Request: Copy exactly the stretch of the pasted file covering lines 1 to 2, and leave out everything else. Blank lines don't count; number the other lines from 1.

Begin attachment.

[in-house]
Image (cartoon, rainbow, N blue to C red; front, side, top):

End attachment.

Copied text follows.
[in-house]
Image (cartoon, rainbow, N blue to C red; front, side, top):